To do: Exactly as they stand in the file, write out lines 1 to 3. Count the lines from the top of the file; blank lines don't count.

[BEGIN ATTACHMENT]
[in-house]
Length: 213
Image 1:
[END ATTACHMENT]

[in-house]
Length: 213
Image 1: